Filmmaker and actor Kevin Smith is no stranger to the world of writing comic books. Check out what he and Ralph Garman have to say about their new digital first series, "Batman '66 Meets The Green Hornet."
Q1: We’ll try to keep it simple: What are your Top 5 Favorite Batman Stories?
Kevin Smith: Oooooph.
I know, it’s not that simple, right?
Kevin Smith and Ralph Garman: *Laughter*
RG: Uh, why don’t you go first, Kev?
KS: Top 5 Favorite Batman Stories, let me see. Number one, well, do you count all four issues, or just one large story? The Dark Knight Returns, Frank Miller’s seminal work about Batman.
Second favorite Batman story ever told, let me see. The Killing Joke by Alan Moore, one-shot.
Third greatest Batman story ever told, Batman/Green Hornet crossover from the old Batman TV show. It’s what we’re sequel-izing with our comic book.
KS: It is! I don’t even say that ironically. It was huge for us as children; it was a major crossover between Batman and other heroes. You only ever saw Batman and Robin and his villains, suddenly they introduced another masked avenger. So this mask is culturally important, and pop culturally important I should say, and also fun as heck. So I’d put that number three.
Fourth greatest Batman story ever told is Year One. Batman: Year One. I’ll probably take a lot of crap online for putting Batman ’66 before Year One. But it’s in the top five, kid, what do you want from me?
And then number five I would put, let me see, well you’d have to give it to I guess The Dark Knight, the Chris Nolan movie with Heath Ledger and uh, what’s his name, the yell-y British guy?
RG: *laughs* Christian Bale?
KS: Christian Bale.
RG: *laughs* Yeah, those are all good. We share some of them. I mean the Dark Knight Returns, huge comic book, obviously. Let’s see, I always loved The Joker’s Five-Way Revenge by Denny O’Neil and Neal Adams. I thought that was a great book, it kind of changed the way I saw the character.
Boy, the series had such a big impact on me that several episodes would probably be some of my favorites. The 1966 Batman movie, was the first time I ever saw Batman and Robin take on more than one villain and in terms of having like the four major villains: Joker, Penguin, Catwoman, and Riddler all teaming up against him made a huge impact on me as a kid.
And I guess I’d do the Tim Burton Batman, too. In terms of Batman stories, it was such a big cultural event, it kind of brought that mania back to modern pop culture and was such a major event, we were all looking forward to it so much that I also would put it—it’s is a big deal for me. I don’t know if that’s five, but I think it is.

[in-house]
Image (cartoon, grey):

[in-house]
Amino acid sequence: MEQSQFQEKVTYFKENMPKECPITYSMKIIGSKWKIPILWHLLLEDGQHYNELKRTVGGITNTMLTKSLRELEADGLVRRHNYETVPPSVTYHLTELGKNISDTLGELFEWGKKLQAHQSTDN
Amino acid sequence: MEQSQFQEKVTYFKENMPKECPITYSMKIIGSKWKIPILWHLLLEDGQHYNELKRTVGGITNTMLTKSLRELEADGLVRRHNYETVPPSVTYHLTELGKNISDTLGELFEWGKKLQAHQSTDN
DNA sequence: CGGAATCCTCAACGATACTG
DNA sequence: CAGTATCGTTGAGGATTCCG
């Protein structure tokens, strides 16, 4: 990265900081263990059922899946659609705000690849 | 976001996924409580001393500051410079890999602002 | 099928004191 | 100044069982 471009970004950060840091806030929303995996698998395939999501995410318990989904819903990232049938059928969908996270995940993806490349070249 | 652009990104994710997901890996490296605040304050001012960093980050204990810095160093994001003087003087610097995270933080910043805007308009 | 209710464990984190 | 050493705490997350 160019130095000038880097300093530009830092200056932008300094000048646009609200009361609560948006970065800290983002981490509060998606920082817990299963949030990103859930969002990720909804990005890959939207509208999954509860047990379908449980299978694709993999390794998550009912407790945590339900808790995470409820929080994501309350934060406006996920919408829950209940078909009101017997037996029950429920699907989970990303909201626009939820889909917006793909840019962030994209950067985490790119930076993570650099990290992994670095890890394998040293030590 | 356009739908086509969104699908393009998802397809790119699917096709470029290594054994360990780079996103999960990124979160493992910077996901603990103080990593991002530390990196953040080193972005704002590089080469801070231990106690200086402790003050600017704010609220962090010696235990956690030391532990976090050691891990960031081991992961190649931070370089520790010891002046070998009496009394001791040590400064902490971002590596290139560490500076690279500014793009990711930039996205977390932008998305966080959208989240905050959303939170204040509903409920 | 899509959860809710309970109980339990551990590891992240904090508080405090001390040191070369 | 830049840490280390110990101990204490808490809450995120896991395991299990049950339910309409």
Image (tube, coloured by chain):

That was four!
RG: That was four?
You get one more!
RG: It would be, Kevin and I agree on this one, Batman/Green Hornet original TV crossover in the 60s was a big deal because as Kevin points out, that was like our Avengers—it was the first time we saw superheroes sharing a screen together. We had seen Superman on television, Batman on television, but to see two crime fighters fighting side-by-side, that was a major event.
To elaborate on the Batman/Green Hornet crossover, you two have an upcoming miniseries BATMAN ’66 MEETS THE GREEN HORNET starting soon. Were these shows your first introduction to Batman?
KS: This was my first Batman. There of course, naturally, Batman existed in comic books but this was the Batman that I was first exposed to. The one that I fell in love with. Started watching at age 3 or 4, recognizing him on television, on this colorful show, funny angles, the villains, the heroes, great stuff. So, Batman ’66 as we now colloquially call it, we didn’t call it that back the—we just called it ‘Batman.’ Batman—this version of Batman—was the one that first stole my heart. So, you know, getting to work on it in comic book form is kind of a dream come true. But Ralph goes even further back with this version of Batman.
RG: Yeah, I’m a little older than Kevin. So, I was actually alive during the first run of this show, and, you know, my parents would prop me up in my highchair in front of the TV, and the family legend is that the very first song I ever sang was “na na na na na na na na na na na na na na na na.”
You know, Kevin sort of evolved as Batman did, he grew up and found all the different incarnations, and so did I, but for me the first, the 60s one, was the first one I ever fell in love with, and it remained first and foremost in my heart. I’ve got a huge collection of 60s Batman memorabilia here in my home, and Adam West has become a friend, largely because of my stalking, and it’s just always been a big part of my life, so this, for me to able to participate in this, was a dream come true.
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